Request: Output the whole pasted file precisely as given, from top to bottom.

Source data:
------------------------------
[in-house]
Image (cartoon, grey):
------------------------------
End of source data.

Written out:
[in-house]
Image (cartoon, grey):